Gilberto Zurdo Ramirez a 168lbs southpaw standing 6′ 2” with technical boxing ability along with speed and stamina and not to mention good looks is an easy sell to the public. This coming Saturday April 22nd he’s set to step back into the ring after a lay off do to a hand injury and defend his WBO 168lbs title for the first time against Max Bursak of Germany in a triple header card which will also showcase Oscar Valdez and Jessie Magdaleno whom will also defend their versions of the WBO title at 126lbs and 122lbs. All in a stacked Top Rank promotions PPV card at the StubHub Center in Carson, California.

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BoxingInsider was at hand for the media day at the famed Magnifico Boxing Gym own by 3 time champion, legend Israel El Magnifico Vazquez who’s gym resides in Southgate, Los Angeles as Zurdo Ramirez, Oscar Valdez and Jessie Magdaleno worked out in front of the media and fans we managed to get a few quotes from Zurdo as he taped up for his workout and this is what he had to say.

BoxingInsider: “How was training camp?”

Zurdo Ramirez: “Really good, really good, my preparation is done now” says with a big smile on his face.

BoxingInsider: “You look very happy why?”

Zurdo Ramirez: “Because the fight is really close and I’m really happy. One year and 13 days out of the ring and now it’s time to go back”

Zurdo Ramirez was suppose to defend his title on the night Manny Pacquiao soundly defeated Jessie Vargas but Zurdo suffered a hand injury which required surgery and has kept him out of the ring since April of last year. Although not being able to compete Zurdo maintained active while back home in Mazatlan, Mexico where he kept his physical shape in tact by running, swimming and strength and conditioning work. Something trainer’s, father and son Jesus and Hector Zapari feel benefited him greatly being out of the ring from over a year.

BoxingInsider: “So that was on your mind the whole time to step back into the ring?”

Zurdo Ramirez: “Yeah because one year out of the ring and now it’s closer to the fight and I’m really happy”

The bigger picture here lays within the victory of April 22nd if Zurdo Ramirez manages to successfully defend his title the possibility of a showdown with Kazak powerhouse Gennady Golovkin will be explored as both Bob Arum and Tom Loeffler have expressed great interest in this possible match up. One that the boxing community is also hoping for. After his tough earned and controversial victory against Daniel Jacobs Gennady Golovkin and his team went on record that a June fight date versus Billy Joe Sunders was the goal and with a win Gennady would move up to 168lbs as undisputed status was his ultimate vision regardless of the potential Canelo fight they were not gonna wait for him.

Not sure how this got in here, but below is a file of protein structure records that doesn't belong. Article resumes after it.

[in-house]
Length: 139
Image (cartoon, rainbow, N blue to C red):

Those comments sparked legendary promoter Bob Arum to quickly say Zurdo Ramirez would “destroy” Gennady Golovkin and that he would be looking to make that fight. A fight Zurdo and his team are also hoping for but not over looking their April 22nd assignment. Zurdo assures us that “first thing is first, first thing is April 22nd, Max Bursak and after that like I say doesn’t matter whatever comes. I have the skills, power, everything. I’m really confident about me, myself that’s why I asked for that fight but I need to win this fight (April 22nd)”

Trainer Hector Zapari also confident in Zurdo and likes the idea of a Gennady Golovkin fight “yeah for sure Zurdo is a very complete fighter, yeah, Zurdo beats Golovkin for sure” with Gennady Golovkin now passing up on that June fight date which could have possibly ended up taking place if his home country of Kazakhstan not happening it opens the door for a possible move to 168lbs or he awaits the winner of Saul Alvarez vs Julio Cesar Chavez Jr. but given the general opinion that Alvarez will have an easy night this coming May 6th a possible Alvarez vs Golovkin fight is a little sketchy do to the history of their negotiations which have lead to nowhere and can only leave the door open for other possibilities with one of those being Zurdo Ramirez.

Tune in this April 22nd for the Top Rank promotions PPV triple header at the StubHub Center in Carson, California. Follow complete coverage leading up to the fight by using #TopRankBoxing